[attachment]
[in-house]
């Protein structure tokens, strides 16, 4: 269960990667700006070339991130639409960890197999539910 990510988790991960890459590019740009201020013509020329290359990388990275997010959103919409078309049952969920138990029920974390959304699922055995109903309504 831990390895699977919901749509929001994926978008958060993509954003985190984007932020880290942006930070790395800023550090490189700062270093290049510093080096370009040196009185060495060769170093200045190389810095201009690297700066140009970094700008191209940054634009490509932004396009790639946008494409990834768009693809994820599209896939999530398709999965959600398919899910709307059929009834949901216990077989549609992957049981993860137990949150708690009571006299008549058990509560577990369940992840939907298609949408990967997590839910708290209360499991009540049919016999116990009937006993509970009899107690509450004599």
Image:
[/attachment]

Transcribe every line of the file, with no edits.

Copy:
[in-house]
């Protein structure tokens, strides 16, 4: 269960990667700006070339991130639409960890197999539910 990510988790991960890459590019740009201020013509020329290359990388990275997010959103919409078309049952969920138990029920974390959304699922055995109903309504 831990390895699977919901749509929001994926978008958060993509954003985190984007932020880290942006930070790395800023550090490189700062270093290049510093080096370009040196009185060495060769170093200045190389810095201009690297700066140009970094700008191209940054634009490509932004396009790639946008494409990834768009693809994820599209896939999530398709999965959600398919899910709307059929009834949901216990077989549609992957049981993860137990949150708690009571006299008549058990509560577990369940992840939907298609949408990967997590839910708290209360499991009540049919016999116990009937006993509970009899107690509450004599």
Image: